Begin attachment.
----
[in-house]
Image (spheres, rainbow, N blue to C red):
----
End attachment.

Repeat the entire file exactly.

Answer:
[in-house]
Image (spheres, rainbow, N blue to C red):